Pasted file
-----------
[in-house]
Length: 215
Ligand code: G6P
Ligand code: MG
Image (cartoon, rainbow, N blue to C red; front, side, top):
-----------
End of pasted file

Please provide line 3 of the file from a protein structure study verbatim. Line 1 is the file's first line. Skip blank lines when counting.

Ligand code: G6P